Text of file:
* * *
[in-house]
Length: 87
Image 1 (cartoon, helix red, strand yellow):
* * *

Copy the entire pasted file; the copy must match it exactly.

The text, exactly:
[in-house]
Length: 87
Image 1 (cartoon, helix red, strand yellow):